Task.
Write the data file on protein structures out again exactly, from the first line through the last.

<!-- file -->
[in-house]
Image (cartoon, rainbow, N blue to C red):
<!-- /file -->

[in-house]
Image (cartoon, rainbow, N blue to C red):